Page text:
How to Translate What is Being Said in Springfield

translate-110777_1280.jpgWith everything going on in Springfield, a lot of folks ask me, "what's going to happen?" They’re worried about the budget crisis, the pension crisis, or one of any number of crises in Illinois state government. While I wish it were otherwise, my typical answer is, "I don't know what will happen, but I sure know what should happen!”

We should promote real job growth, stop spending more than we take in, and reform Illinois government. There are plenty of policy proposals out there to do this. Some proposals are more complex than others, but none of them require a rocket scientist to execute.

Here’s the problem: the debate in Springfield isn’t about which of the available policy changes we should pursue, but whether we should bother with any significant policy changes at all.

You wouldn’t realize that, listening to all the talk from members of the General Assembly. They make it sound like they’re on top of things. The problem isn’t in what you’re hearing, but in what they’re saying. You see, words mean different things in the State Capitol than they do in the rest of the state.

For instance, when you hear politicians advocate for a “balanced approach,” that means they support tax increases. When they say that a spending reduction is “massive,” that means a cut of more than about 5% or so. When they talk about “protecting the middle class,” that means they support new government programs or substantial increases in existing programs, usually without any way to pay for them.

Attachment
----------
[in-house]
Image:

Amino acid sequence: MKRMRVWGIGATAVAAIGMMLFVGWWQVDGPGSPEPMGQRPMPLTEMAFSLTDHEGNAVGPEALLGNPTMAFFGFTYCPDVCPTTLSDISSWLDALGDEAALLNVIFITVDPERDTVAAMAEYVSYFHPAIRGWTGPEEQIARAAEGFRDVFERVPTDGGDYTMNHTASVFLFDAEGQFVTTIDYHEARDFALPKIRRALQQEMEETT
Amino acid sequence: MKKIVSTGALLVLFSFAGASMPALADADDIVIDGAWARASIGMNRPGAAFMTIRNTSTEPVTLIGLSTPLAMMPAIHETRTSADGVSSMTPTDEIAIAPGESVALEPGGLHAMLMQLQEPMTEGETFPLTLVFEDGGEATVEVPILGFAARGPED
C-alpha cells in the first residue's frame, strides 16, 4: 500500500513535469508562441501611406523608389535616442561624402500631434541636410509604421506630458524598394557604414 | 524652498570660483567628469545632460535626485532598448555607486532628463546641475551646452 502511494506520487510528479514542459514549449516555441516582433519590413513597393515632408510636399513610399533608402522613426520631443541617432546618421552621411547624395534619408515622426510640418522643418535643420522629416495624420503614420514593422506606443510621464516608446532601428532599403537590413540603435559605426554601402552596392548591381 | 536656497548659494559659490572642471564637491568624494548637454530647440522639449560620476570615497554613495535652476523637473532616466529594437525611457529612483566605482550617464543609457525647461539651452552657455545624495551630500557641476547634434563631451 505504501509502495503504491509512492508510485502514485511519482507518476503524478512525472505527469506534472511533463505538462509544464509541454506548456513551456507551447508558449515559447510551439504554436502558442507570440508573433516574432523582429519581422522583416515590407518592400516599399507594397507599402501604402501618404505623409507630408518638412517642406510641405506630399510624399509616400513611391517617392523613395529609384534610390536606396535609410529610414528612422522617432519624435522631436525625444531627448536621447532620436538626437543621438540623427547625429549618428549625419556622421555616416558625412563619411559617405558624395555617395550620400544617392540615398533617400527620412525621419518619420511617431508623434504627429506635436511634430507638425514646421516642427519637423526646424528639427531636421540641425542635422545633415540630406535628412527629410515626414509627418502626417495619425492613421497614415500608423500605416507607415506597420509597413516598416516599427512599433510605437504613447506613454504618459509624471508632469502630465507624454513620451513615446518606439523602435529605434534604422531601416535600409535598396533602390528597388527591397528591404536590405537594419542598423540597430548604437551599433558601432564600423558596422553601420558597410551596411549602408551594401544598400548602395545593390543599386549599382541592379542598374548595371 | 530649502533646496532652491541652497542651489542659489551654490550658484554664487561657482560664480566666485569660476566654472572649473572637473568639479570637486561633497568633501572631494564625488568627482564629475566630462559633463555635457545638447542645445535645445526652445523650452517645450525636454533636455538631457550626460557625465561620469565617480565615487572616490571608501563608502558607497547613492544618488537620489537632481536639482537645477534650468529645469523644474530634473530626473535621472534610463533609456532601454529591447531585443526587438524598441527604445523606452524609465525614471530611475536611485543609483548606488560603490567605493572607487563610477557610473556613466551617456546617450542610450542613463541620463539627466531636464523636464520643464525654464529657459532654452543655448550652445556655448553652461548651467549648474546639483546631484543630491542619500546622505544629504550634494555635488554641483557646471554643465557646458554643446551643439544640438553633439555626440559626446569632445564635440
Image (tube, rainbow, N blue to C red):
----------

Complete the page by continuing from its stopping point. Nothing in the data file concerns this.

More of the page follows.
The best way I know to “protect the middle class” is to increase the number of good-paying jobs. Middle class folks in Illinois don’t need more programs—they need more opportunities to work. And they deserve a government that won’t then bleed them dry through corruption, overspending, and excessive taxation.

In the coming weeks and months, ignore the talk and watch what the General Assembly actually does. So far, Speaker Mike Madigan has scheduled week after week of sham votes, on bills that were never meant to become law. That has led to lots of shouting but very little honest debate.

You’ll know we’re making progress if you see debate on real proposals to achieve job growth, balance the budget, and reform government. There are many entrenched special interests in the way, but if we can clear a path for proposals like these, we can achieve the recovery our state desperately needs and wants.